Japan plans longer-range missiles to counter China, Russia

Japan has become increasingly alarmed about China and Russia’s ambitions amid a number of territorial disputes.

Japan says it will develop and mass-produce a cruise missile and a high-velocity ballistic missile, as part of a military expansion aimed at dealing with threats from China and Russia.

The procurement plan unveiled in the defence ministry’s annual budget request on Wednesday was short on detail but represents a clear departure from a decades-long range limit imposed on Japan’s constitutionally-constrained Self-Defense Force.

“China continues to threaten to use force to unilaterally change the status quo and is deepening its alliance with Russia,” the ministry said in its budget request.

“It is also applying pressure around Taiwan with supposed military exercises and has not renounced the use of military force as a way to unite Taiwan with the rest of China,” it said.

Alarm about China’s regional ambitions has intensified after it held large-scale military exercises that included firing ballistic missiles after US House of Representatives Speaker Nancy Pelosi visited Taiwan earlier this month. Five of the missiles landed in waters less than 160km (100 miles) from Japan.

Tokyo also has long-running territorial disputes with Beijing and Moscow – over the Senkaku Islands, known as Diaoyu in China, and the Northern Territories, known as the Kuril islands in Russia.

The defence ministry also mentioned the risk to Japan posed by North Korea, which has carried out an unprecedented number of weapons tests this year.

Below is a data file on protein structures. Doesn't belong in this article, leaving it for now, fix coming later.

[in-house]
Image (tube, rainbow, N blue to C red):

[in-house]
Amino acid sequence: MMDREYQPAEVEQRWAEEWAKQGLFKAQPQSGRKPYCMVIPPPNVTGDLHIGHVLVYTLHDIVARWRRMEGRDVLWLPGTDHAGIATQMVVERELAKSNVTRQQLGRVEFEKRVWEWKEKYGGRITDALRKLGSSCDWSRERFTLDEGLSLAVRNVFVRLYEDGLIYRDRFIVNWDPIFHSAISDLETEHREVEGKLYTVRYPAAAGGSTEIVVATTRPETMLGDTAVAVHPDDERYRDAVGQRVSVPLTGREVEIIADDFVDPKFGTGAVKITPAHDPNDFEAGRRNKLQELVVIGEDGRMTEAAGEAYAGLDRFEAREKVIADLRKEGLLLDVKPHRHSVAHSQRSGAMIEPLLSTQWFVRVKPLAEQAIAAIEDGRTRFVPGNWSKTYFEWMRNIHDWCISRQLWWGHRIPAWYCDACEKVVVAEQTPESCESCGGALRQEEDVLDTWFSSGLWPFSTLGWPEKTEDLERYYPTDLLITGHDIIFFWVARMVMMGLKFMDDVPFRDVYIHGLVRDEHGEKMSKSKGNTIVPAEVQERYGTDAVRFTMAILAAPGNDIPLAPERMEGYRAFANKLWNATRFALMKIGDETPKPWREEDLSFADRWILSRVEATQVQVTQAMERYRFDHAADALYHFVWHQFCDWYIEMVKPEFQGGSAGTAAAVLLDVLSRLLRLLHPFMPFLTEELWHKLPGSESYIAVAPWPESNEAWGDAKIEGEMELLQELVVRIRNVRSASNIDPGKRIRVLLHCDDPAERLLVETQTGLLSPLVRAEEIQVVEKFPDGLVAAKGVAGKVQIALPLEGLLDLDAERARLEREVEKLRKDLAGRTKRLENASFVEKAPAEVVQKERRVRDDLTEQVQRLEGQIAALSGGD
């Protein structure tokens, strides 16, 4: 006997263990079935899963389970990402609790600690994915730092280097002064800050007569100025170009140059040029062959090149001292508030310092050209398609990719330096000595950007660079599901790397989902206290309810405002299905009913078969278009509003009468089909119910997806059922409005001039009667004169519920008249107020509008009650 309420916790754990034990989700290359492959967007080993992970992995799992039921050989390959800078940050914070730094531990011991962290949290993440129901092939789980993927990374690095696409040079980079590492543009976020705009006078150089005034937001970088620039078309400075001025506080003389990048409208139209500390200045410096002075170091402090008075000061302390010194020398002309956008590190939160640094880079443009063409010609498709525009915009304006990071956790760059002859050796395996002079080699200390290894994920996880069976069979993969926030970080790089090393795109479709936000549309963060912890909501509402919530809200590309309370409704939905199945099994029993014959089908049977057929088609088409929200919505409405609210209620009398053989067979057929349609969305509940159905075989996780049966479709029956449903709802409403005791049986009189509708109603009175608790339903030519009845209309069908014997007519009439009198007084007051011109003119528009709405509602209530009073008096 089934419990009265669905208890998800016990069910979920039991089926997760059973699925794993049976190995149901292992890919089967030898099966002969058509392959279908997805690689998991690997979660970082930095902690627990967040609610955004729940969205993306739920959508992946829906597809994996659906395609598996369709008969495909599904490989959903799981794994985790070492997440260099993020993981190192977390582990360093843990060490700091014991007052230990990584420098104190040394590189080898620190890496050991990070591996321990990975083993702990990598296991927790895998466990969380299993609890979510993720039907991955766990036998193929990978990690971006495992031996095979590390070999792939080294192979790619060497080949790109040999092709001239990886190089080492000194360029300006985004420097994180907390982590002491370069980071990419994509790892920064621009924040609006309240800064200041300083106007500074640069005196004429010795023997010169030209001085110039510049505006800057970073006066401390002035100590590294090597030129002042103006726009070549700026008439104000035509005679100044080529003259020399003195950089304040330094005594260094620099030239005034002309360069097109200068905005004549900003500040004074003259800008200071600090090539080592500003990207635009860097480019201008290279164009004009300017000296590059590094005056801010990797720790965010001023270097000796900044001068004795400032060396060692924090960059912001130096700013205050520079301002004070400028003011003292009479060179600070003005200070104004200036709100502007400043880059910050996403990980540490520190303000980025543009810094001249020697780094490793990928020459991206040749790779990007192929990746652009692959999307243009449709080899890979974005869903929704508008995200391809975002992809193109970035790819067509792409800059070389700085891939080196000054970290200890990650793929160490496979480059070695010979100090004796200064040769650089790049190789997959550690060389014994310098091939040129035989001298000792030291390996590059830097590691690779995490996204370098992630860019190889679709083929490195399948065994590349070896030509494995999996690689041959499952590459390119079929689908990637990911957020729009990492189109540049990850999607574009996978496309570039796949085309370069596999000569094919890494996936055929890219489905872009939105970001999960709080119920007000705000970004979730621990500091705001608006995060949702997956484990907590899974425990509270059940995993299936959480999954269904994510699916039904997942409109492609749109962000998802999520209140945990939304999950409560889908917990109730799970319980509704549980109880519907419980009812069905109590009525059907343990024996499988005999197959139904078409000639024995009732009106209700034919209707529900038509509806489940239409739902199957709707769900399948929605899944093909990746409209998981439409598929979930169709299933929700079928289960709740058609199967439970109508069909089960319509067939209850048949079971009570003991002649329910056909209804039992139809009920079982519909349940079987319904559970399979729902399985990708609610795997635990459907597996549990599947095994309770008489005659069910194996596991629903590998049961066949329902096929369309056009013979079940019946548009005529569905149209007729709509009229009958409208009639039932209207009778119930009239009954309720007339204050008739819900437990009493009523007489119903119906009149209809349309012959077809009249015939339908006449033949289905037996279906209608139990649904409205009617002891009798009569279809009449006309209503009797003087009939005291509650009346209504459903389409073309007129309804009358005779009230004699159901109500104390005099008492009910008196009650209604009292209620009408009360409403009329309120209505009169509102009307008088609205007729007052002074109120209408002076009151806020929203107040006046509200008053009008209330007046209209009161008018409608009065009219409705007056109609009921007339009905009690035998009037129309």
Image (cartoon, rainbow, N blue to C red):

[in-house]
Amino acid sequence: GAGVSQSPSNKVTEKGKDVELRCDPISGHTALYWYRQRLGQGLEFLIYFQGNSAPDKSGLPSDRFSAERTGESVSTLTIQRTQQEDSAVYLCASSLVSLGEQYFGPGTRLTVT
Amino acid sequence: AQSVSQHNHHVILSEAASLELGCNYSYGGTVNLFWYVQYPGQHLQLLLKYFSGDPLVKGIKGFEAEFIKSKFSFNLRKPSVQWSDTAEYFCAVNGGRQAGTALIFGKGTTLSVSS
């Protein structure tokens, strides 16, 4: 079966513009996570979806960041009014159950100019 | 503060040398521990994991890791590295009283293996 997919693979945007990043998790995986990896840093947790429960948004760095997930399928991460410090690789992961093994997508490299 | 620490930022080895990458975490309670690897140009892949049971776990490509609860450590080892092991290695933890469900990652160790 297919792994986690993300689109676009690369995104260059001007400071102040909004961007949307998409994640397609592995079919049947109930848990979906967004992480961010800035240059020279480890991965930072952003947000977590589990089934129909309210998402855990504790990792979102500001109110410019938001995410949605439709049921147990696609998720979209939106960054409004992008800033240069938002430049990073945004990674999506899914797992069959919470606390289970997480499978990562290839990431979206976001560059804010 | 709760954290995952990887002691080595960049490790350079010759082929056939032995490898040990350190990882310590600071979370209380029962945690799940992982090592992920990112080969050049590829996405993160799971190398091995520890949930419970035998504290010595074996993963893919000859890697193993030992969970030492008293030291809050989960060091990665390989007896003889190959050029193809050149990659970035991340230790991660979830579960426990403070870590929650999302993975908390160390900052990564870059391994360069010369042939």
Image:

The ministry said it will only be able to release details of the spending after December when the government is due to adopt a new national security strategy, which is being revised to reinforce Japan’s military capability over the next five years.

Japan’s defence ministry is asking for more money for longer-range weapons [File: Eugene Hoshiko/AP Photo]

Japan has already been strengthening its security alliance with the United States, a key ally, and expanding military cooperation with friendly nations in the Asia-Pacific region and Europe.

Critics worry the missile upgrades – and the potential use of preemptive attacks – would fundamentally change Japan’s defence policy and potentially breach the post-war pacifist Constitution that limits the use of force to self-defence.

Only a partial sum of 5.6 trillion yen ($40.4bn) was disclosed for 2023, but the ministry’s budget plan could rise to about 6.5 trillion yen ($47bn), up 20 percent from this year, Japanese media said.

Japan caps annual defence spending at 1 percent of its GDP, but Kishida’s governing party proposes doubling that in coming years, citing NATO’s standard of 2 percent of GDP. That would make Japan the world’s third-biggest military spender after the US and China.

The ministry requested an undisclosed amount to improve and mass-produce an upgraded Type 12 surface-to-ship guided missile to extend its range for use as “stand-off” attacks on enemy targets from destroyers and fighter jets.

It has already ordered air-launched missiles, including the Norwegian-made Joint Strike Missile (JSM) and the US-manufactured Joint Air-to-Surface Stand-Off Missile (JASSM) with a range of up to 1,000km (620 miles).

The ministry also requested an undisclosed amount for development and mass production of a “high-speed gliding vehicle” to defend remote islands, including Okinawa and outer islands near Taiwan.

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